Ganong’s Potometer

A potometer is a device, which is used to measure water uptake by shoot during transpiration. It is also known as transpirometer. The Ganong’s potometer is used to measure the transpiration rate in a laboratory. The Ganong’s potometer comprises a glass tube, which is bent twice, a glass cylinder having a wide mouth. A capillary tube is inserted in a horizontal glass bar attached to a reservoir. A wide-mouthed glass cylinder is present towards the front end of the apparatus. A rubber cork with a hole is fitted on the mouth of the glass cylinder. A freshly cut twig is placed in this hole. The horizontal bar has graduated readings marked over it. It has a bent end with a nozzle opening. A beaker containing coloured water is placed below this horizontal bar with the bent end inserted into it. A reservoir is connected to the horizontal bar to store water. The entire set up is placed on a flat surface.

Procedure

  • A few drops of eosin oil is added to water to make it coloured.
  • A freshly cut twig is placed on the mouth of the glass cylinder.
  • A single air bubble has to be kept at the zero reading of the horizontal bar. Lifting the bent end allows the air bubbles to enter and get trapped in the horizontal bar.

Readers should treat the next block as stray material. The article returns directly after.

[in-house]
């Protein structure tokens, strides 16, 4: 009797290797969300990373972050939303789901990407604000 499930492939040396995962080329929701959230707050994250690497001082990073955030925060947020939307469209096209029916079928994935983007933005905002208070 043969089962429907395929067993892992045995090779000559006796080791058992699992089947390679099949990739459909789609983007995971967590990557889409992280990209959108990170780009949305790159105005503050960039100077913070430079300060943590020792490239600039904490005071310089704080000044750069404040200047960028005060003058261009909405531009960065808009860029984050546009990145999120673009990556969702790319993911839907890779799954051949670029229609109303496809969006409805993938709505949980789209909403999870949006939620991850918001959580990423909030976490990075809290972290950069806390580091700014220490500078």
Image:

• When the experiment begins, it is observed that the air bubble at the zero reading starts to move.

As the transpiration takes place, a transpirational pull is created by the shoot to make up for the loss. Due to this, the horizontal bubble starts moving in the direction of the twig. The transpiration rate is calculated by taking the distance covered by the air bubble in a certain time period. Several readings were noted by repeatedly adjusting the air bubble to zero. The average of these readings gives the transpiration rate.

Also read: Excretion in Plants

Limitations Of Ganong’s Potometer

  • The potometer does not measure the transpiration rate accurately because not all the water taken up by the plant is used for transpiration. It usually measures the rate of water uptake.
  • The twig placed on the glass cylinder might not stay alive for a longer time.
  • The introduction of an air bubble in the horizontal bar is very difficult and time-consuming.
  • A slight change in the atmospheric temperature might affect the position of the air bubble.

Also read: Transportation in Plants and Trees

For more details on Ganong’s Potometer, visit BYJU’S website or go to BYJU’S app.

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2 Comments

  1. By which instrument, you can count the number of stomata???

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